October 17th has been and gone; the excitement of legal cannabis has worn off; all that remains in its place are the difficult questions. One question that’s been leaving recreational cannabis consumers puzzled is how their insurance will be impacted by the change in legislation. Protect yourself in this budding industry. Be informed when it comes to your insurance.

Home Insurance

When it comes to your home insurance, most companies have similar requirements about owning, growing, and using recreational cannabis. They want to make sure you are following the rules in accordance with the new law.

You may find that when applying for or reviewing your home insurance policy you are asked about cannabis. Don’t be alarmed, Steve Kee of the Insurance Bureau of Canada says, “questions about home-grown marijuana will become routine when applying for or renewing policies.”

Below is a brief preview of some of the topics that may arise during your next home insurance review.

Covered For Up To 4 Indoor Plants

As of October 17th, 2018, the legal amount of cannabis plants you may recreationally grow is four. On many policies, you’re only covered if you’re growing up to the legal amount and using legal equipment. Your policy may be cancelled if you are growing more than four plants or using illegal equipment.

Having a plant on your windowsill may not be a problem, but once you bring in lights, wiring, or do renovations to your home, your house has higher risk factors. At Ing & McKee, we think that homeowners should always check with us before making significant changes/modifications to their properties.

Special Limits – $125 per plant

A special limit on your insurance policy is a limitation within coverage that states the maximum payout for certain predefined item in the event of a claim. Most insurance companies have set a $125 limit per plant ($500 in total if you grow the maximum legal amount).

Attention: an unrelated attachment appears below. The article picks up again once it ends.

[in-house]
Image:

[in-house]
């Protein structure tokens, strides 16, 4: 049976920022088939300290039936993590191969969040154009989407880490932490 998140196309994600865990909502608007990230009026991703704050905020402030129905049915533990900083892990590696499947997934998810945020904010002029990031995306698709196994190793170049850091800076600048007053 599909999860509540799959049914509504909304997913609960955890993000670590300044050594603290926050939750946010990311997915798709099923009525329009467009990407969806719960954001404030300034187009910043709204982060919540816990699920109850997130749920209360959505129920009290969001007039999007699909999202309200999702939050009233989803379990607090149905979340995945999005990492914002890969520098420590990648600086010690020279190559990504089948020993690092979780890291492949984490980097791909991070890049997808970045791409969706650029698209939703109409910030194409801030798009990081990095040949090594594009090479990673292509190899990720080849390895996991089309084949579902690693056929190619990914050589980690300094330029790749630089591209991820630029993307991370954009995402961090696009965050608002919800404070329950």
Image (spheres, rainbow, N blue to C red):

This means that if you’re growing for recreational use you will be covered for up to $125 per plant on Homeowner, Tenant, Condominium Unit Owner, Mobile Homeowner, Seasonal Homeowner, and Seasonal Dwelling policies.

Growing Cannabis Outside

Coverage for damage to, or theft of cannabis plants may be excluded or restricted if they are grown outside. The policy generally follows what is already being covered for Outdoor Trees and Shrubs in your property policy but could be excluded completely due to the special nature of these plants.

Warning To Renters

Renters should communicate with their landlord before choosing to grow marijuana. Although growing cannabis is legal, it could be risky if the landlord’s insurance does not cover legal marijuana plants. Tenants should discuss with their landlord their plans to grow recreational or medicinal marijuana in a rented property.

Cannabis On Our Roads

Drug-impaired driving has been a criminal offence since 1925; this has not changed with the legalization of cannabis. Cannabis-impaired driving can result in injury or death for you, your passengers and others. Consume cannabis wisely, and don’t get behind the wheel while you’re intoxicated.

In a crackdown against drug-impaired driving, the Justice Department has approved a roadside swab/saliva test. The test, which will be the first of its kind in Canada, will be used by police officers to instantly check saliva for traces of THC – the psychoactive component in marijuana.

Final Thoughts

If you choose to use, grow, or store cannabis it is your responsibility to make sure you do so correctly. Do your due diligence and contact your insurance broker for specific requirements and restrictions on your policy and how these changes may affect you. At Ing & McKee, we can help you navigate these changes.